We conducted a comprehensive, up-to-date observation of the enforcement of insider trading law in China. Our observation has a twofold goal. First, we examine how a key component of modern securities law—insider trading law—is enforced in a rapidly growing economy where both regulators and market participants are relatively lacking in experience and must learn to communicate with one another and establish an effective model of law enforcement. Second, we use this observation as a lens for understanding how corporate information flows in a concentrated ownership environment. In theory, controlling shareholders can either voluntarily push for corporate information flow to the general public to win investor confidence, or they can trade for their own private benefit with an informational advantage and keep that information private as long as possible and bet that law enforcement does not detect it. Alternatively, company controllers may opt for a third option, which is to tacitly allow corporate managers to trade with undisclosed corporate information as a form of managerial compensation without conducting any insider trading themselves. Which scenario is more likely is unclear, but China’s concentrated ownership environment makes it a good setting for testing these possibilities.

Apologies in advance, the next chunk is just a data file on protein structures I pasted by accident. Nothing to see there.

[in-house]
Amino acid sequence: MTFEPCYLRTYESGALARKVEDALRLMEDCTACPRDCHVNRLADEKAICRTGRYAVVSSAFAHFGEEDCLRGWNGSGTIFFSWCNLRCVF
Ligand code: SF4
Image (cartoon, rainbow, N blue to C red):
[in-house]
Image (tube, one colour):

We first discuss Chinese law against insider trading and then provide both quantitative and descriptive accounts of the law’s enforcement. Quantitatively, we run an event study with a measure called pre-announcement degree of run-up as a proxy for overall insider trading in China. We then compare this result with a comparison group and data from other countries.
We initially found a 65.8% pre-announcement stock price run-up in tried cases of insider trading in China, which is comparable to results in other countries with a dispersed corporate ownership structure. If insider trading in China occurs at a rate similar to that of other countries, then ownership structure would seem to play no significant role in it. However, after running our test again with a comparison group—a sample composed of 330 random major merger and acquisition events in China from 2007 to 2017—we discovered, contradictorily, that the degree of information leakage in the comparison group increased up to 83.9%. These disparate results highlight China’s puzzling enforcement of insider trading law.